Three of our surgeons have now visited the Smith and Nephew Expert Connect Centre in Watford in order to be trained on the new NAVIO robotic system for use in total and partial knee replacements.
Robot Assisted Knee Replacement: What’s all the fuss about?
Traditional knee replacement surgery is extremely successful, and has given consistent results for more than 30 years. Satisfaction rates in excess of 85% are obtained across the country, making TKR one of the best operations in terms of patient quality of life improvement.
There is no doubt that the most important factors determining patient outcomes after surgery is initial patient selection and surgical choice ie doing the correct operation, at the optimal time for the patients who will gain most benefit.
The next most important factor is Surgeon choice ie making sure that your surgeon is skilled in carrying out the procedures that they offer.
The final factor regarding outcomes in total knee replacement surgery is implant choice and positioning. We have traditionally aligned and set the position of the implants using special ‘cutting jigs’, which although fairly accurate, do not allow us to put the implants exactly where they are designed to go, which can vary slightly from patient to patient.
Potential Benefits of Robot-Assisted Knee Replacement
Some medical research indicates that outcomes after knee joint replacement are better when surgeons use robotic technology.
The primary reason for the improved outcomes involves the precision with which the surgeon can position and align the implants. Improper alignment can result in soft tissue imbalance, and can also cause excess component wear, which may cause the implant to loosen prematurely. Patients may also experience problems with other components of the knee joint (such as knee cap tracking) that would not otherwise occur if the implant was aligned more precisely.
Nev D, Ed T and Shawn T trialling the NAVIO robot on model bones
Given the novelty of the technology however, there are as yet no large trials which show conclusive benefit of Robot assisted knee replacement over traditional techniques, and we also do not know if there are any hidden complications which may occur as a result of using the technology, for example: longer surgical times leading to increased risk of infection and/or blood clots.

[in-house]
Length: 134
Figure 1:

Robotic assisted knee replacement surgery is still in its infancy, but there is no doubt that this technology is here to stay, and will improve dramatically over the next few years. If you are keen to find out more about this type of technology please do not hesitate to contact one of our surgeons, or follow one of the following links:
Robotics in Arthroplasty: A Comprehensive Review.
Jacofsky DJ, Allen M.
J Arthroplasty. 2016 Oct;31(10):2353-63
Survivorship and patient satisfaction of robotic-assisted medial unicompartmental knee arthroplasty at a minimum two-year follow-up.
Pearle AD, List JP, Lee van der L, Coon TM, Borus TA, Roche MW.
Knee. 419-4282017 Mar;24(2);419-428
Current state of computer navigation and robotics in unicompartmental and total knee arthroplasty: a systematic review with meta-analysis.
van der List JP, Chawla H, Joskowicz L, Pearle AD.
Knee Surg Sports Traumatol Arthrosc. 2016 Nov;24(11):3482-3495.